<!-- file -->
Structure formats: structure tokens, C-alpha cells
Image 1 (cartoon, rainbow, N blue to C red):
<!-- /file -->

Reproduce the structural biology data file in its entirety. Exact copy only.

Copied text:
Structure formats: structure tokens, C-alpha cells
Image 1 (cartoon, rainbow, N blue to C red):